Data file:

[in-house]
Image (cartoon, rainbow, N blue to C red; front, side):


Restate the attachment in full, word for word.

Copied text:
[in-house]
Image (cartoon, rainbow, N blue to C red; front, side):